Formulating for other brands

As an Aromatherapist, you might have been asked to formulate a product or a product range for another brand, or it might be something you’re thinking of doing.

In the 90s I was asked to formulate a product range for a hairdressing salon in Sydney. They wanted to have a skincare brand connected to their business name. They also asked me to formulate a natural hand scrub so they could give clients a hand treatment while they were in the salon. I really enjoyed working on that project, and since then I’ve formulated many ranges for other companies large and small. 

It’s a really interesting area and opens up a lot of possibilities for Aromatherapists, as many businesses like the idea of having a product range tied to their brand. 

It’s also something I’ve been asked a lot about by other Aromatherapists, so I thought I’d share a few tips that I’ve learnt along the way. 

1. Think about why you’d like to formulate for another brand, especially when it comes to pricing. It might be something you just want to do occasionally, but if it’s something you’d like to be known for, you might price your project differently. Many years ago I was asked to create a facial oil range for a company based in New York. I knew that it would be good for my brand if I was associated with this particular project, so I reduced my usual price to make sure that I would get the job, and it paid off. The range went on to win awards and was used by celebrities and my name was connected to it.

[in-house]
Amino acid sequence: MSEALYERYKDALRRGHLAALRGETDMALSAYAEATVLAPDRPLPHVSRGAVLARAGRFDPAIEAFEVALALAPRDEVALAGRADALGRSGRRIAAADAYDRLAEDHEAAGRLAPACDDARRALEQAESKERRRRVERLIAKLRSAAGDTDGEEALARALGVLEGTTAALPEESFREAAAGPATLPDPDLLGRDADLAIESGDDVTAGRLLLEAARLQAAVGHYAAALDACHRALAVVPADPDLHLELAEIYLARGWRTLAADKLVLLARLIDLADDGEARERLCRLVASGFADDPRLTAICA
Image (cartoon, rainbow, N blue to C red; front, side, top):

2. When it comes to pricing, it is difficult because you can never be certain as to how long a project like this might take and what materials you might need to purchase. So there is a bit of guesswork involved. A starting point is to look at your materials plus your time, as best you can, and then add extra on top of that for your expertise. Sometimes I’ve got this right, and sometimes a project has taken far longer than I thought it would. 

3. I’m always very clear when I send my contract out (especially if it’s for a large company) exactly what my terms and conditions are. I usually allow 3 changes to my final formula and if the company needs anything else after that, I then charge extra. 

4. Think about who will retain the intellectual property of the formula and if you need additional insurance to cover this. 

5.,Would the company allow your name to be associated with the range (some companies like to do this and others don’t). If they do, that can be an asset for your business and your name, especially if you’d like to do more formulating for other brands. 

6.:Make sure your final formula includes all necessary disclaimers etc. You may find getting some legal advice on this is worthwhile, especially for your first project.

 

Audra